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Brazil: coup attempt provokes backlash

Revulsion at the vandalism of the Bolsonarists

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January 10 2023: A week ago Brasilia was the scene of joyful celebrations of the new Lula government. But on Sunday 8 January came a violent reminder that many of Bolsonaro’s millions of supporters, far from accepting his defeat, want to overthrow the elected government and provoke military intervention in the country.

Video: NBC News, 8 January 2023

Thousands of Bolsonarista terrorists rampaged undisturbed for hours through the capital’s three seats of power, the Congress, the Supreme Court and the Presidential Palace, vandalizing everything in sight. They smashed scores of plate glass windows, hurled furniture outside, ransacked files and stole objects of value, including gifts from foreign governments, computers, documents, and guns and ammunition from the security department. They slashed a painting worth millions of dollars by one of Brazil’s most famous painters, Di Cavalcanti, irreparably damaged a priceless eighteenth-century clock given to the royal family by Louis XIV, smashed every photo in the gallery containing those of every Brazilian president since the beginning of the republic in 1889, and destroyed every object in the office of the first lady, Janja.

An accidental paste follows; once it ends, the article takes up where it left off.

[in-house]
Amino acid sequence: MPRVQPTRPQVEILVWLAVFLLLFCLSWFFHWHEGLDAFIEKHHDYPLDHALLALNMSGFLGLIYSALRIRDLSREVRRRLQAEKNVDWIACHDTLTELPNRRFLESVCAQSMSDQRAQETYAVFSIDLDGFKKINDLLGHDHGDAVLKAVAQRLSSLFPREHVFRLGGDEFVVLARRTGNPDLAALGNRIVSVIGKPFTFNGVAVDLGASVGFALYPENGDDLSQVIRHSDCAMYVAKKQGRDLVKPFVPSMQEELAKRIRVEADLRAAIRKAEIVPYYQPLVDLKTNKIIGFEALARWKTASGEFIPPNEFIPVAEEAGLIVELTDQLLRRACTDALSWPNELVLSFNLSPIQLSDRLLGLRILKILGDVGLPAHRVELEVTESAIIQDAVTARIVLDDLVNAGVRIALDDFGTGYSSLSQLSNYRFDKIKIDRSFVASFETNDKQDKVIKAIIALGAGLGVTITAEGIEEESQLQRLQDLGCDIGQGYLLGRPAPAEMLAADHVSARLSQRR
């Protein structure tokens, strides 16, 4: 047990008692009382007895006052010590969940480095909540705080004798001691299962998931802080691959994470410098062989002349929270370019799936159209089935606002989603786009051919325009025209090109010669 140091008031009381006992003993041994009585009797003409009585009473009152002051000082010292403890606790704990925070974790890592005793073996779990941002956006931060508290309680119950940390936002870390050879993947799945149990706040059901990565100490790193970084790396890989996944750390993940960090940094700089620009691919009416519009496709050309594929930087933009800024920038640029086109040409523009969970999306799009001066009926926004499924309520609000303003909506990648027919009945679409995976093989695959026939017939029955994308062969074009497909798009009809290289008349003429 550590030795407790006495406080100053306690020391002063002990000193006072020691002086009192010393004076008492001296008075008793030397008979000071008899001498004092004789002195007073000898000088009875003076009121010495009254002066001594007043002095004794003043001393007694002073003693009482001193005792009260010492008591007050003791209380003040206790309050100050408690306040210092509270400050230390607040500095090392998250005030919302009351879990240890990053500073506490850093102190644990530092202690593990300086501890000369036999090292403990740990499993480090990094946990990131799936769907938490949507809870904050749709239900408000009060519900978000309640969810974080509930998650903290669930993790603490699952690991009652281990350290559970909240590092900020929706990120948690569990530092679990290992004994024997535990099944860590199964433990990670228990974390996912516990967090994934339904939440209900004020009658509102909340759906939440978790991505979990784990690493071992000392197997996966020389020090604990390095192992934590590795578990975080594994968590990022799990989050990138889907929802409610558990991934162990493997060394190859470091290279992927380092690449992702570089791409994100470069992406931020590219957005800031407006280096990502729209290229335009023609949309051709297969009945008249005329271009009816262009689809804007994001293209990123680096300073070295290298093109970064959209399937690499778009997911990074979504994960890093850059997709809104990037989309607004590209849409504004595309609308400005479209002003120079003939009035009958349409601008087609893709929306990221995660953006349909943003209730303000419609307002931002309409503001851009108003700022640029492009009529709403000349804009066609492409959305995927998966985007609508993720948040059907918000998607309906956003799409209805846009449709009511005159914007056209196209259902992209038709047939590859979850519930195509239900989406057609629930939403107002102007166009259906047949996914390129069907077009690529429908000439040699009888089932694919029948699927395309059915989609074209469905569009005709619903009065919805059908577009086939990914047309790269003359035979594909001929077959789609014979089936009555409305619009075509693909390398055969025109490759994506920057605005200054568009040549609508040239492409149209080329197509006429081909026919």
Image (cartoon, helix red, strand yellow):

Video: Al Jazeera, 9 January 2023

They only failed to break into the president’s office because it was protected by an armoured door. In the Supreme Court they trashed the judges’ chairs in the main court room where plenary sessions take place, stole judges’ togas, and ripped the coat of arms from the wall. In the congress they invaded the Senate and smashed glass doors. Several of them urinated and defecated on works of art. The irony of chanting ‘Lula ladrao, seu lugar é na prisão’ (‘Lula thief, your place is in jail’) as they stole objects, seems to have been lost on them. At least eight journalists, both Brazilian and foreign, were attacked and some had their equipment stolen.

The threat from the military